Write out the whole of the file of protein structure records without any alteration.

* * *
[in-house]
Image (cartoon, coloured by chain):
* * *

[in-house]
Image (cartoon, coloured by chain):